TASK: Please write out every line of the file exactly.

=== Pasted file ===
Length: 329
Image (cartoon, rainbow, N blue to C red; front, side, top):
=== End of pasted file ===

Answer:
Length: 329
Image (cartoon, rainbow, N blue to C red; front, side, top):